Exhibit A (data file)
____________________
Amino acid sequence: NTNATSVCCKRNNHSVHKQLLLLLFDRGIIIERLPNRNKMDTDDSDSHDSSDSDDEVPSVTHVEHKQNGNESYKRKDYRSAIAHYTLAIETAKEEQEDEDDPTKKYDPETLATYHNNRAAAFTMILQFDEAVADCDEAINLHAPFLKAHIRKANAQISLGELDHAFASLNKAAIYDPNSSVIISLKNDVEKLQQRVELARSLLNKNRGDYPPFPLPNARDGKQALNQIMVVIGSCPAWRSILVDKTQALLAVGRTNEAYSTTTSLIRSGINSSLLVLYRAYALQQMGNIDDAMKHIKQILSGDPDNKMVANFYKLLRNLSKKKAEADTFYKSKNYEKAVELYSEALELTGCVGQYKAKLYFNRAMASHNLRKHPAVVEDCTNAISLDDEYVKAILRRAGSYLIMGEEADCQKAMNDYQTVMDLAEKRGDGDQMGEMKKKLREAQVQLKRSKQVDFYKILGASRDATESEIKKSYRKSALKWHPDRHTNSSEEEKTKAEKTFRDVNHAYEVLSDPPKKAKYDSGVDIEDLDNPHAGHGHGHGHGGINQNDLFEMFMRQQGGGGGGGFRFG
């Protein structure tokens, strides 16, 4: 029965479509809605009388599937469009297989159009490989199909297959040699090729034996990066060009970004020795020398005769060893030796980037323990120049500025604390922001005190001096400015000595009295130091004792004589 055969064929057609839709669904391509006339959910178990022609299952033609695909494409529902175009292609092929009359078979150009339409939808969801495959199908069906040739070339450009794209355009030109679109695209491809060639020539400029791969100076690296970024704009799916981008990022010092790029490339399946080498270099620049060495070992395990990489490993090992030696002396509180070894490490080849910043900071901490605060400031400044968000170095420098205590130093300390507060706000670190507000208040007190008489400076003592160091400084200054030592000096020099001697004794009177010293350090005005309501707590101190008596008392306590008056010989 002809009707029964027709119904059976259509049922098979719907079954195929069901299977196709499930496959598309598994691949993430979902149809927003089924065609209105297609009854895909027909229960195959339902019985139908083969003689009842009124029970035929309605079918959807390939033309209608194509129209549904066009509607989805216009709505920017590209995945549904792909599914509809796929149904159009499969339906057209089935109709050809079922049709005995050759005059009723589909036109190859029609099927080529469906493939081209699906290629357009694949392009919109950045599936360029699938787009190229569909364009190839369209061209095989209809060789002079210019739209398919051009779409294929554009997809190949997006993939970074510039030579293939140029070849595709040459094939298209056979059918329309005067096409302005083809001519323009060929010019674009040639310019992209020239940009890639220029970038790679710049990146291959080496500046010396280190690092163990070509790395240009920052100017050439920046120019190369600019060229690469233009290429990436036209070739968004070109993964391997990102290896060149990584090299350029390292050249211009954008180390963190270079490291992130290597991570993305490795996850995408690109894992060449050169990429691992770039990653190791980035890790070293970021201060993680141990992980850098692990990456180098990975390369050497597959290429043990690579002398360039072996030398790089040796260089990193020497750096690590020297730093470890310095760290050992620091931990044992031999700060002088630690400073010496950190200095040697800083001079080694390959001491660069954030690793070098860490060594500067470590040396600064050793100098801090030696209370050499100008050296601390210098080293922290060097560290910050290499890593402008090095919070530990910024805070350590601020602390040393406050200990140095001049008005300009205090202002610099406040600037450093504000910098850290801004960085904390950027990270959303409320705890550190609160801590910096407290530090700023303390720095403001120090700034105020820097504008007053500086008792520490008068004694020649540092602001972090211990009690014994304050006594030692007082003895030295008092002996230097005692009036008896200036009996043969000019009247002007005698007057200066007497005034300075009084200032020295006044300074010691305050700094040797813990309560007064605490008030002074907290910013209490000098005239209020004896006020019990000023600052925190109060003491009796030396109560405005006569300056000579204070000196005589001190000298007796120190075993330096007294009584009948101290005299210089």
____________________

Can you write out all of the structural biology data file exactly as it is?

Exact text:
Amino acid sequence: NTNATSVCCKRNNHSVHKQLLLLLFDRGIIIERLPNRNKMDTDDSDSHDSSDSDDEVPSVTHVEHKQNGNESYKRKDYRSAIAHYTLAIETAKEEQEDEDDPTKKYDPETLATYHNNRAAAFTMILQFDEAVADCDEAINLHAPFLKAHIRKANAQISLGELDHAFASLNKAAIYDPNSSVIISLKNDVEKLQQRVELARSLLNKNRGDYPPFPLPNARDGKQALNQIMVVIGSCPAWRSILVDKTQALLAVGRTNEAYSTTTSLIRSGINSSLLVLYRAYALQQMGNIDDAMKHIKQILSGDPDNKMVANFYKLLRNLSKKKAEADTFYKSKNYEKAVELYSEALELTGCVGQYKAKLYFNRAMASHNLRKHPAVVEDCTNAISLDDEYVKAILRRAGSYLIMGEEADCQKAMNDYQTVMDLAEKRGDGDQMGEMKKKLREAQVQLKRSKQVDFYKILGASRDATESEIKKSYRKSALKWHPDRHTNSSEEEKTKAEKTFRDVNHAYEVLSDPPKKAKYDSGVDIEDLDNPHAGHGHGHGHGGINQNDLFEMFMRQQGGGGGGGFRFG
């Protein structure tokens, strides 16, 4: 029965479509809605009388599937469009297989159009490989199909297959040699090729034996990066060009970004020795020398005769060893030796980037323990120049500025604390922001005190001096400015000595009295130091004792004589 055969064929057609839709669904391509006339959910178990022609299952033609695909494409529902175009292609092929009359078979150009339409939808969801495959199908069906040739070339450009794209355009030109679109695209491809060639020539400029791969100076690296970024704009799916981008990022010092790029490339399946080498270099620049060495070992395990990489490993090992030696002396509180070894490490080849910043900071901490605060400031400044968000170095420098205590130093300390507060706000670190507000208040007190008489400076003592160091400084200054030592000096020099001697004794009177010293350090005005309501707590101190008596008392306590008056010989 002809009707029964027709119904059976259509049922098979719907079954195929069901299977196709499930496959598309598994691949993430979902149809927003089924065609209105297609009854895909027909229960195959339902019985139908083969003689009842009124029970035929309605079918959807390939033309209608194509129209549904066009509607989805216009709505920017590209995945549904792909599914509809796929149904159009499969339906057209089935109709050809079922049709005995050759005059009723589909036109190859029609099927080529469906493939081209699906290629357009694949392009919109950045599936360029699938787009190229569909364009190839369209061209095989209809060789002079210019739209398919051009779409294929554009997809190949997006993939970074510039030579293939140029070849595709040459094939298209056979059918329309005067096409302005083809001519323009060929010019674009040639310019992209020239940009890639220029970038790679710049990146291959080496500046010396280190690092163990070509790395240009920052100017050439920046120019190369600019060229690469233009290429990436036209070739968004070109993964391997990102290896060149990584090299350029390292050249211009954008180390963190270079490291992130290597991570993305490795996850995408690109894992060449050169990429691992770039990653190791980035890790070293970021201060993680141990992980850098692990990456180098990975390369050497597959290429043990690579002398360039072996030398790089040796260089990193020497750096690590020297730093470890310095760290050992620091931990044992031999700060002088630690400073010496950190200095040697800083001079080694390959001491660069954030690793070098860490060594500067470590040396600064050793100098801090030696209370050499100008050296601390210098080293922290060097560290910050290499890593402008090095919070530990910024805070350590601020602390040393406050200990140095001049008005300009205090202002610099406040600037450093504000910098850290801004960085904390950027990270959303409320705890550190609160801590910096407290530090700023303390720095403001120090700034105020820097504008007053500086008792520490008068004694020649540092602001972090211990009690014994304050006594030692007082003895030295008092002996230097005692009036008896200036009996043969000019009247002007005698007057200066007497005034300075009084200032020295006044300074010691305050700094040797813990309560007064605490008030002074907290910013209490000098005239209020004896006020019990000023600052925190109060003491009796030396109560405005006569300056000579204070000196005589001190000298007796120190075993330096007294009584009948101290005299210089």